In the 3rd episode of the 4th season of Episodes, Matt takes Beverly to a Golden Globe gift party. While entering it she says (writing from memory):

It's like being in Wizard of Oz. In colour.

Since she added "in colour" she must have been referring to the movie, not the book. What I don't understand is why she added it in the first place, since the most known 1939 adaptation is in fact in colour (and notable for its use of Technicolor) and all the later adaptations are obviously in colour as well.

I seriously doubt she meant any previous, black and white adaptations, because they were short animations, silent movies, etc.

What I think is most plausible is that when she was a kid she watched Wizard of Oz on a black and white TV and later watched it in colour and that's why she differentiates it like this (as if it were two different movies). I'm also thinking that this could be an English expression used to emphasise this kind of film-related analogies.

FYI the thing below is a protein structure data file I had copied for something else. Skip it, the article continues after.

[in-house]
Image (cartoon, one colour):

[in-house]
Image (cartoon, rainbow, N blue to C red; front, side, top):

Could someone confirm my hypothesis or provide a different explanation?

  • Just a note: none of the books was titled "The Wizard of Oz".
    – Michael
    Jul 11 '15 at 7:16

This is not what she says. She says:

It's like when The Wizard of Oz turns to colour.

The 1939 Wizard of Oz starts in black and white and turns to color when Dororthy reaches Oz. Beverly is basically saying that she's now in Oz, an amazing and colorful wonderland as compared to the drab world outside.

  • That makes a lot of sense :-) @BCdotWEB Thanks, I was trying to find the script. Jul 10 '15 at 8:11
  • 1
    Oh man - when "color tv" was the special effect. That is so humbling!
    – corsiKa
    Jul 10 '15 at 15:50

Not all of the Wizard of Oz is in color, only the parts that take place in Oz.

Everything that happens while Dorothy is still in Kansas is shot in black and white. This was of course done to underline how colorful and magical the land of Oz is compared the real-world Kansas.

All of the Oz sequences were filmed in three-strip Technicolor. The opening and closing credits, as well as the Kansas sequences, were filmed in black and white and colored in a sepia tone process. (Source: Wikipedia)

So when they stress the in colour part, they are explicitly talking about the part that Dorothy spends in Oz, rather than the parts where she is on the farm in Kansas.

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